1. An argument can be made for a taxpayer to add to his or her closely held stock basis the allocable portion of the legal and professional fees they paid in order to retain the ownership their corporation that was at issue during divorce litigation. As a general rule, where legal and professional fees in a divorce relate to assets received via a marital property settlement, the taxpayer is justified in allocating the cost in a prorata fashion among the assets received in the divorce.

 

  1. Billing for Tax Advice, Collection and Production of Income and Defense of Title Services

 

  1. To help a client fully benefit from a tax perspective and determine the proper tax treatment and potential deductibility, or basis increase related to legal and professional fees expended during a divorce, the attorneys and professional should be requested to cull out and specify services related to tax advice, the collection or production of income, or services related to the defense of title to property.

 

  1. Partnership and a Partner’s Divorce Litigation

 

  1. A partnership is prohibited from deducting, and thus the partners will not be allocated a related deduction on their individual K-1s, settlement expenses related to litigation that is brought against an individual partner in that partner’s capacity as an individual.  This legal principle has been applied to deny a partnership a deduction for amounts the partnership paid to ward off financial damage the partnership where a partner’s spouse made demands against a partnership in a divorce action.

 

  • Filing Returns in Divorce Situations
    1. Allocating Tax Carryforwards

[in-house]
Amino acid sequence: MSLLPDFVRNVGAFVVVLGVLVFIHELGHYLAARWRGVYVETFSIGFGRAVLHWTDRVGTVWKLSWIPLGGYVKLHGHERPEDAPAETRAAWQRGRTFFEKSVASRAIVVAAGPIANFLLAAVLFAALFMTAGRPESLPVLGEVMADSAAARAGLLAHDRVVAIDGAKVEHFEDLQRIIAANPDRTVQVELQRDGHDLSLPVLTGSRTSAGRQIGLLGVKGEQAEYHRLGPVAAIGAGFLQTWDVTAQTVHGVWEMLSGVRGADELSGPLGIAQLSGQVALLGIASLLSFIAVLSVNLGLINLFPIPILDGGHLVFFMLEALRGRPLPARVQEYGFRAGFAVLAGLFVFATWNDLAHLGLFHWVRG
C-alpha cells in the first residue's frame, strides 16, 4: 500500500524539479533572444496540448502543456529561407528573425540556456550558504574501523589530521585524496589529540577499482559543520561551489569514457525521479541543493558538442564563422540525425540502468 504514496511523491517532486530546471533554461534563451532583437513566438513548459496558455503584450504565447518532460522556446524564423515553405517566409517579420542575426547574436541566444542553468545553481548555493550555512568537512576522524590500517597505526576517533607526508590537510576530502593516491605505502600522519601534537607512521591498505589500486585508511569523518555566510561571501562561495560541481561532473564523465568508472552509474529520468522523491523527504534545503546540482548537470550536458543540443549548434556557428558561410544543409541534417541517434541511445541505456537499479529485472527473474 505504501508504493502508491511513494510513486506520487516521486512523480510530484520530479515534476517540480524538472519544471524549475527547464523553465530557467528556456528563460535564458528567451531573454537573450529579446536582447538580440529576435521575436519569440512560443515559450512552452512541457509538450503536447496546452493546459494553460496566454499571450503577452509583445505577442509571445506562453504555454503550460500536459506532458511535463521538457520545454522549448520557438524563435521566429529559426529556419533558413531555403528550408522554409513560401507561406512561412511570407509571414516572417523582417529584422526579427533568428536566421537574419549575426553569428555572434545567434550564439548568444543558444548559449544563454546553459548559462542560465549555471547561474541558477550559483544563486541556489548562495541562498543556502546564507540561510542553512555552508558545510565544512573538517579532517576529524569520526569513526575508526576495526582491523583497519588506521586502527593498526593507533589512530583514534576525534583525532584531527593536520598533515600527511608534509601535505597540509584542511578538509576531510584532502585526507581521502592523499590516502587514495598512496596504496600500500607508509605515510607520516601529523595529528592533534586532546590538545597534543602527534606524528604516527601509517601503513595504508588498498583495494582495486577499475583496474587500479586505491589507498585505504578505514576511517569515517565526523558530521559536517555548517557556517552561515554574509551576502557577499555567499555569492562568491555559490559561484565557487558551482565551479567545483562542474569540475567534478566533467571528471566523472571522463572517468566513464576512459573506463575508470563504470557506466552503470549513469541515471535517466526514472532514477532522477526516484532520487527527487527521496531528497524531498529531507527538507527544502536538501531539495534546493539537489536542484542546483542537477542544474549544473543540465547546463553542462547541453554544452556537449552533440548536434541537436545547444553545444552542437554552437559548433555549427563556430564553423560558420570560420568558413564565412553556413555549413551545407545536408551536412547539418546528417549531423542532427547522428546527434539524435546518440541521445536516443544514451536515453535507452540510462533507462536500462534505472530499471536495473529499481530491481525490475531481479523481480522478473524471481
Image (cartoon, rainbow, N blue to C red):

1. The final joint tax return before a divorce finalizes will often raise the issue of how carryforward tax items should be allocated between the spouses following a divorce. Specific regulations apply to how some tax carryforward items are to be allocated between the parties in a divorce. Where an allocation method is not specifically required by the regulations a practical method of allocation is warranted.

 

  1. Joint NOLs

 

  • It is very common for marital settlement agreements negotiated between the parties through divorce attorneys to dictate how joint NOLs incurred over the marriage are to be allocated between the spouses upon dissolution. Many family law attorneys would be surprised to learn that the agreed apportionment of the couple’s NOLs negotiated between the parties will not be respected by the federal courts or the IRS should it come to light. There is no provision in the IRC that allows the allocation of NOLs between the parties either by contract or by state court decree. The proper allocation of NOL’s between the parties that would be respected by the federal courts and the IRS is found under Regulation 1.172-7(d)and in IRS Publication 536.

 

  • The party that gets to benefit from a carryforward NOL flowing forward from a joint return to one of the party’s separate tax return following a divorce depends on which party generated the NOL. If the NOL was generated by one of the spouses separately, the carryover is allocated to the spouse that generated it. If both H and W generated the NOL, Under Reg. 1.172-7(d) the NOL carryforward is required to be apportioned between the spouses in the same manner as if each spouse’s separate NOL carryforwards would have been calculated had each spouse filed married filing separate returns in the tax years that generated the NOL.

 

Consider the Following Example:

 

  • Bob and Samantha filed joint returns for 2013 and 2014. They sustained a joint NOL of $2,000 for 2013 and a joint NOL of $4,000 for 2014. For 2014, Bob’s total business deductions exceeded his gross business income by $1500, and Samantha’s business deductions exceeded her gross income by $500. Therefore, $1500 of the $2,000 joint NOL for 2013 is considered to be Bob’s and $500 is considered to be Samantha’s. For 2014, Bob’s gross business income exceeded his business deductions by $2,500, and Samantha’s business deductions exceeded her gross business income by $1,500 Therefore, $2,500 of the $4,000 2015 joint NOL is considered to be Bob’s separate NOL and $1500 is considered to be Samantha’s.